Australasia Multirotor

Firefighting helicopters to be grounded if drones spotted in bushfire areas, authorities say


Jake Sturmer

During large, out-of-control bushfires in Australia firefighters rely on water-bombing helicopters which will have to be grounded if a drone is spotted nearby, authorities say.

With recreational drone ownership exploding into the thousands over the past year, air safety regulators and the nation’s aerial firefighters fear drones are a very real threat to safety, and they warned amateur operators to stay well away.

Superintendent Anthony Ferguson from the New South Wales Rural Fire Service’s (RFS) State Air Desk said firefighting pilots nationwide were concerned.

“They’re just trying to fly safely in what are very high stress situations and you add in this other element and it becomes incredibly dangerous for them,” he said.

Even during a raging bushfire, helicopters would be grounded.

“If you take those aircraft out of there you’re losing situational awareness from above, you’re losing the capacity to be able to reach fire that firefighters won’t be able to reach from their tankers, and you’re losing a vital support mechanism,” Superintendent Ferguson said.

Unlike birds that hit choppers, a drone is solid and could do enough damage to bring an aircraft down, according to Civil Aviation Safety Authority (CASA) spokesman Peter Gibson.

“It’s almost impossible for a fire-fighting pilot to see a drone in the air, particularly in a bushfire situation when you may have low visibility and high winds and they’re concentrating on doing their job fighting the bushfire,” he said.

“They’re doing [their job] in a very planned, organised mission and then to have a random flying object nearby just creates all sorts of unnecessary risks.”

No law prevents drones flying near bushfires

Current regulations are that drones have to be 30 metres away from people, they are not be used in built-up areas, not to exceed 400 feet in height and not be flown in controlled air space, but there is no law against flying near bushfires.

Drones must not create a hazard for other aircraft, but if the device was several hundred metres away from its operator, how would they know if a firefighting aircraft was approaching?

Superintendent Ferguson said the nation’s aerial firefighters have sent a submission to CASA calling for the law to be amended to include a three to five nautical mile exclusion zone around a bushfire.

CASA is considering that submission.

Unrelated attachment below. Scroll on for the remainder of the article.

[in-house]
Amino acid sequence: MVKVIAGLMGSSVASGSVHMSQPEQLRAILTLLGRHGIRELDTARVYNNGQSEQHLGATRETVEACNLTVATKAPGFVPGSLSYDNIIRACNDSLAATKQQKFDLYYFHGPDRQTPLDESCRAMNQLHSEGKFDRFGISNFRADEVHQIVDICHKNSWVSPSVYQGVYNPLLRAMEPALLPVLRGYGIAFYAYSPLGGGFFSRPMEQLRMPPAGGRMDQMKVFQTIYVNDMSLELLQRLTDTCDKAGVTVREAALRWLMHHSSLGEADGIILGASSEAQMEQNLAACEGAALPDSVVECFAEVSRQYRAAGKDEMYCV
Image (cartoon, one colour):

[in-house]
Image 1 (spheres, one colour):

“We’ve received all those comments, we’re still looking at those,” Mr Gibson said.

“A number of changes are being considered there, they haven’t been brought in yet, but we are looking all the time to make sure the rules covering remotely piloted aircraft and recreational drones stay up to date with this growing sector of aviation.”

Drone ownership ‘exploding’ in Australia

Two years ago drones were not a problem for aerial firefighters, but now ownership of the remotely-controlled aircraft is “exploding” according to CASA and the NSW RFS.

“You see a lot of people trying to get that wonderful moment [using a video camera attached to the drone] that they can put on Facebook or on YouTube, they’re not thinking about the full-on effect of what they’re doing,” Superintendent Ferguson said.

“We’ve had one fire season where we saw four serious incursions and now this year I’m very nervous about what we’re going to face again.”

Enforcing regulations for drones was a challenge as they became more popular.

“No-one knows exactly how many recreational drones are out there but you would have to assume there are tens-of-thousands,” Mr Gibson said.

“Certainly the Civil Aviation Safety Authority has printed around 100,000 flyers to give to retailers that contain the rules so we believe many are being sold all the time.”

Industry group Australian Certified UAV Operators (ACUO) said the number of licensed users in Australia was 105 in May and that number was expected to be 200 by Christmas.

The group said certified operators who hold drone pilot licences abide by the rules, but it was recreational operators who do not have licences that were causing concern.

“Most people are just keen to get it in the air and get some pictures and have a play with it,” ACUO secretary Brad Mason said.

“There are dozens of videos on the internet of people flying their drone as high as possible and then watching it plummeting to the ground.

“That’s just stupidity as far as we’re concerned, the regulations are there, they’re quite clear.

“I don’t know if we can be any clearer than that and it’s just that people have to learn to abide by the regulations.”

A drone is very easy to operate, even children can do it.

In the time it takes you to open the box and charge the battery – about an hour – you could learn all you need to know to be airborne.

“It’s good that it’s not so difficult to be able to fly these things anymore,” Mr Mason said.

“But on the same token because it’s so easy, it’s very attractive for people to go out and do it.”

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